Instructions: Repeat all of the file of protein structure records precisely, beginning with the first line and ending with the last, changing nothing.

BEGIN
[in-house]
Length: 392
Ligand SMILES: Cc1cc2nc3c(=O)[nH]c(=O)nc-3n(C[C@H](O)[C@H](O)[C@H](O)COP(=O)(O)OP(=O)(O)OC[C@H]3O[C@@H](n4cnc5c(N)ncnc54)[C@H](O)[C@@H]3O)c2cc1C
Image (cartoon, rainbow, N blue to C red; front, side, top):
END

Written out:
[in-house]
Length: 392
Ligand SMILES: Cc1cc2nc3c(=O)[nH]c(=O)nc-3n(C[C@H](O)[C@H](O)[C@H](O)COP(=O)(O)OP(=O)(O)OC[C@H]3O[C@@H](n4cnc5c(N)ncnc54)[C@H](O)[C@@H]3O)c2cc1C
Image (cartoon, rainbow, N blue to C red; front, side, top):